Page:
Those of us who have the pleasure of seeing Sam Bush perform live at a festival need only know that this album is a collection of Bush performances live at Telluride. Without question, Sam Bush can be appreciated in his studio work. His albums Glamour And Grits and Howling At The Moon are two of the most-played CDs in my collection. But when I saw the Sam Bush Band live at Wintergrass a couple of years ago, I was in awe. Bush's energy and creativity on the mandolin, along with the diversity of music he dared to play at a bluegrass festival left me riveted to my seat for almost three hours. I even missed a midnight bluegrass jam session to catch the walk on of Peter Rowan, Sammy Shelor and other joining Bush for an impromptu jam of bluegrass standards. |
What has that to do with album? Everything. Ice Caps: Peaks of Telluride takes me right back to that night, feeling the same excitement I felt then. Music is, after all and said and done, interactive in nature. And Bush understands that when he plays. He is unafraid to deviate from the song list, even in the middle of the song, taking us all on a spontaneous unscheduled journey. He communicates intuitively with his mandolin, and the others playing with him share the journey. This all comes through on Ice Caps: Peaks of Telluride, especially so on the final four cuts. A mini-New Grass Revival reunion takes place on some of the cuts, with former NGR members John Cowan and Bela Fleck. And it is magic, sharing with us the first time Cowan and Bush had sung together since the New Grass Revival had disbanded. Kool & The Gang can't hold a candle to Bush's newgrass version of Celebrate. In the closing number, Stingray, Bush and Fleck got into a zone and take the song into a nine minute jam that is not to be missed.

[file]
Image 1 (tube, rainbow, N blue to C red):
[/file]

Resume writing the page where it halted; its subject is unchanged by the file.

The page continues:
If you have seen Sam Bush perform before, Ice Caps: Peaks of Telluride will take you back in the blink of an eye. If you haven't seen him before, this CD will have you searching Ticketmaster before the fourth cut. For on Ice Caps: Peaks of Telluride, you not only hear Sam Bush's music-you feel his soul.